An exhibition featuring some of Hong Kong's most iconic glowing signs is being held with the event's organizer aiming to preserve the city's fading neon legacy amid a shift to light-emitting diode technology.
The exhibition, "Vital Signs," at the Tai Kwun art center and running through Sept. 3, celebrates Hong Kong's distinct visual identity through its iconic neon heritage.
Over 20 neon signs are featured, many of which have been conserved and recommissioned by the nonprofit organization Tetra Neon Exchange and are on public display for the first time.
Tai Kwun will also hold a series of events, including workshops, talks, screenings and tours, to further teach visitors about the cultural heritage of Hong Kong's neon industry.
First introduced in the 1920s, neon signs have been a ubiquitous feature of Hong Kong's urban landscape since the 1950s, with thousands of signs lighting up the city's streets and skyline.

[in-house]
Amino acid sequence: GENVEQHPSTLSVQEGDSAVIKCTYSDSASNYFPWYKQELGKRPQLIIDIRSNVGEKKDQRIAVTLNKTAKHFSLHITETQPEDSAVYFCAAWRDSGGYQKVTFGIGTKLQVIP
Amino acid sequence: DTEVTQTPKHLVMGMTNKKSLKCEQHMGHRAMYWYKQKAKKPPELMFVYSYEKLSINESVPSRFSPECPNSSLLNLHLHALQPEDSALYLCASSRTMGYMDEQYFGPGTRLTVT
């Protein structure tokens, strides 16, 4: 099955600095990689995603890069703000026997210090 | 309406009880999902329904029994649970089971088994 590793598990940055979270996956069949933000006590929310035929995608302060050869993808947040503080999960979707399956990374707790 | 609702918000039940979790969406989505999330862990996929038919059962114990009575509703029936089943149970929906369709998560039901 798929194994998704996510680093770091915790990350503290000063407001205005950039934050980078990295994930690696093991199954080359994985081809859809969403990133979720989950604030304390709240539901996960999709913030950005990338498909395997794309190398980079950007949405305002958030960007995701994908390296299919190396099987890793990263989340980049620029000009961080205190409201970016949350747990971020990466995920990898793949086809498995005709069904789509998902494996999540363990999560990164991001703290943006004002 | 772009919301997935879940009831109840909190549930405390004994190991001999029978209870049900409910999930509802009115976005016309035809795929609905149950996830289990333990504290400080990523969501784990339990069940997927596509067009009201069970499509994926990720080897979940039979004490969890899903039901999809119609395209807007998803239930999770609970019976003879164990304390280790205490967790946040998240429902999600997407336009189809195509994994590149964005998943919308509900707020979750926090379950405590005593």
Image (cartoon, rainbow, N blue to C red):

With the rise of LED technology in the 1990s, however, neon signs began to disappear from the city's streets as many businesses switched to the cheaper and more energy-efficient alternative.
The number of neon signs in the former British colony was estimated at some 120,000 around 2010 but has plunged to about 400 in 2022, according to Hong Kong media.
This decline in popularity has been further exacerbated in recent years as the city government has tightened regulations on unauthorized signage, issuing mass removal orders for the signs.
Last year, the decades-old Tai Tung bakery was forced to remove a sign that had represented the business for over half a century due to safety concerns. Another company, traditional bridal wear store Koon Nam Wah, was compelled to take down a sign that had been on display since the 1980s.
Both signs were picked up by Tetra Neon Exchange after removal and are currently on display at the exhibition.